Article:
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Happy trails to Elliot Pellman, the NFL's brain quack

You don't have to be good at your job or save lives to get paid

Tom Berg/Getty Images

For Elliot Pellman, the Hippocratic Oath commanding doctors to do no harm was never an ethical problem he had to deal with because it never entered his thick skull. A rheumatologist who attended a Guadalajara medical school, Pellman was as short on morals as he was on hair. It's hard to tell what Pellman will be remembered for better: as one of the top doctors for the NFL's fight against CTE; his shrill whining when confronted with any validated facts or how many times he lied about his résumé.

"The fight against CTE" means just that. Pellman spearheaded the NFL's plan to cover its ears and ululate whenever someone dared mention those three letters in any medical context. He worked feverishly to discredit CTE's discoverer, Dr. Bennet Omalu, denied any link between concussions and neurodegenerative disease and threatened to pull funding from league-backed studies when they got too close to the truth. He was the sort of figure that some sports publication would ask every few years, "why is he still involved with the league?"

That 30-year saga ended Wednesday when Pellman was forced to "retire" in one of the most bloodless ways possible. Ian Rapoport states that the move was "aimed at building trust from players & fans," which is to say the NFL didn't actually give a damn about Pellman's longstanding history of harm by obfuscating facts and the concussion crisis; he was just a villainous figure considered expendable in a hackneyed PR ploy to earn cheap praise.

On the Lions side of things, this must be a personal moment of joy for linebacker DeAndre Levy, who has been outspoken about Pellman's continued role, in the face of all reason, on the NFL's Mild Traumatic Brain Injury Committee. Levy has been critical about Pellman's continued role as a hack and CTE obfuscation expert. In 2016, DeAndre Levy posted several social media posts questioning Pellman's credibility and continued role in the NFL in spite of mainstream attention to his methods thanks to "League of Denial" and the movie "Concussion."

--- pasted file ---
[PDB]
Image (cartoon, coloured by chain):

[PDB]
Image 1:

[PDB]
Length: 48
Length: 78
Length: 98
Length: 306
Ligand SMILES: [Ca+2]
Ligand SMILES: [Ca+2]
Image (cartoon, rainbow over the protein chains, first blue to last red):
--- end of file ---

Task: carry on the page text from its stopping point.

In a letter to the Detroit Free Press, Levy explained his social media comments:

"Compensation isn't an excuse to hide or downplay the facts. We need to know the risks and the rewards. This is an area in which the league has failed its players...while the research of medical experts and doctors tells us there potentially is a direct link between football and CTE, voices continue to emerge telling us otherwise. And you have to question why. What IS the harm in being transparent about the depth of risks that accompany this sport?"

Levy continued:

"The only voices we have on the subject are the league, which, unfortunately, has shown it can't be trusted. So far, we've had a rheumatologist with questionable credentials telling us that there is no link between concussions and CTE, and aided in covering it up, yet is still employed by the NFL. I felt my initial questions about Elliot Pellman were fair, and every employee, fan and potential NFL player has the right to know the answer."

There's no reason to praise the NFL for this move. It is the bare minimum they could do, and they still did it years late. It's no sign that the NFL will actually change its stance on how it approaches CTE research. Pellman was useful one last time to feed to the pundits and fans as a scapegoat. The truth is that the NFL let this nitwit run roughshod for years and silently approved all of his madness because the league didn't want to address the fact that they had this crisis in their midst. That said, there's no harm in a little schadenfreude at the good doctor's expense. He left the game of football as he found it; battered, embattled, concussed and with no real answer in sight.

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